In a woods near you there may be an amazing little spider called Hyptiotes. This spider (and relatives in the same genus around the world) are famous for constructing a triangle-shaped web, hence their common name “triangle weaver.”
The web is unusual for many reasons but most folks look at it and see what appears to be a pie-slice out of an orb web. There are radial lines converging on a point, and there are parallel spaced silk lines forming a pattern that does look like part of a typical orb. But these webs are different. They have been built by a spider that uses cribellate silk, not glue-laden silk to entrap prey. The cribellate silk is sticky in a completely different way. It has tiny fluffy silk lines surrounding central lines. The fluff is so fine that when an insect or other potential prey brushes against it, they adhere to the hairs and spines on the prey in a way similar to the function of a Velcro © strip.
Here is a photo of the triangular sticky portion of a Hyptiotes web, made visible by a dark cardboard background after I misted it with water.
That isn’t the most amazing feature of the triangle weaver’s web. This tiny spider (they are only about the size of a grain of rice) holds the entire web structure under tension, pulling her line taut with her back legs and gathering the slack in a small ball of silk that lies on top of her legs. If a fly, or other potential prey, strikes the web and is caught in the sticky cribellar line, the spider rapidly releases the tension. This causes the spider to jerk forward as the web partly collapses. The collapsing web further entangles the prey. She may use this technique several times to effectively snare the victim.
Here is a close-up view of Hyptiotes as she is holding her web under tension, you can notice the little pile of slack silk line near her back legs. In this case there is also a small ball of slack near her front legs. I’ve added arrows to highlight these little bundles.
A couple of weeks ago I noticed that one Hyptiotes had built her snare between a thin dry twig I had laid across the arms of a lawn chair and the body of the chair. This is the first time I’ve found Hyptiotes in my yard, and also the first time I’ve ever seen one build a web away from a woods or forest.
This presented an opportunity too good to miss. I decided to take some close-up photos and also see if I might be able to shoot some video of her in action. The photos were much easier to get. Here are two that feature this amazing little spider.
Now for trying to shoot video. The capture rate for this little gal in my lawn chair was much too low for me to just set up and wait. I needed to “feed” her prey. So I captured a house fly and anesthetized the fly with CO2 to immobilize it. Then I dropped the fly into the web. I was thrilled when the fly actually “stuck” in the cribellate threads. This stimulated the Hyptiotes, she quickly released the tension in a jerk, then repeated it a couple of times. This collapsed the web on the fly as she moved in for her meal. Remember the spider is really small and positioned in the extreme upper right of the field-of-view at the beginning.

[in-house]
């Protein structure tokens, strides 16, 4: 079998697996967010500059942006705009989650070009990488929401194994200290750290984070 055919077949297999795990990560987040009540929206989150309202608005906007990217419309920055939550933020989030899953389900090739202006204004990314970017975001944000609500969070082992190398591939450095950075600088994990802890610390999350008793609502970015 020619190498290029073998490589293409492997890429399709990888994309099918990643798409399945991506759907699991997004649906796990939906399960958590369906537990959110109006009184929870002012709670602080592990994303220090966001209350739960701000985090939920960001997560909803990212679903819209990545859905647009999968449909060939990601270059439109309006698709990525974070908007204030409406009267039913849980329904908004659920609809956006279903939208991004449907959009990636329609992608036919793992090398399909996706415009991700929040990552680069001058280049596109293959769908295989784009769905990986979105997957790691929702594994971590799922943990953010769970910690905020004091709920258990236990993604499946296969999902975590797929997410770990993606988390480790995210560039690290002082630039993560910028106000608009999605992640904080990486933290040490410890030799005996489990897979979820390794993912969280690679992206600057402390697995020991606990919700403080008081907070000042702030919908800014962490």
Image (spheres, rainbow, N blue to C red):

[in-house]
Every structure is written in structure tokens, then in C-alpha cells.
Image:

There are a few problems with this video, but it is the best one I’m managed to get so far. The web is very difficult to see through the viewfinder of the camera, so I didn’t aim perfectly so for a moment the spider-and-fly disappear at the bottom edge of the view. Eventually I noticed this and shifted the camera on the tripod to reveal the action.
You may have noticed that the “jerks” as she released the web, early in the video, are very fast. It turns out that Hyptiotes are now famous for their ability to harness the potential energy of the tense web very efficiently. A recent paper by Sarah Han and colleagues, she demonstrated that this spider employs what physicists call power amplification. Here is how they describe the action:
Both spider and web spring forward 2 to 3 cm with a peak acceleration of up to 772.85 m/s2 (Han, et al. 2019)
Other animals that employ elastic-energy storage and recoil usually have anatomical structures, like triggers or catches, associated with this behavior. Hyptiotes manages this feat with pure muscle power. Remarkably they hold the line under tension for hours at a time, waiting for the right moment to release the web and snare dinner.
After the capture, like any good uloborid, Hyptiotes wraps the prey, but does not bite. Members of the family Uloboridae lack venom, they don’t even retain venom glands. So they cannot subdue their prey that way. What they do is wrap the prey tightly in silk, then they engage in external digestion by spitting a mixture of digestive fluids onto the prey ball. This gradually dissolves the prey into a mush that they can suck in. Here is a photo of my resident Hyptiotes with the remains of prey that has been reduced to a wet ball of goo.
Read more about Hyptiotes power amplification:
S. I. Han, H. C. Astley, D. D. Maksuta, and T. A. Blackledge. 2019. External power amplification drives prey capture in a spider web. PNAS, vol 116 (24) June 11, 2019. www.pnas.org/cgi/doi/10.1073/pnas.1821419116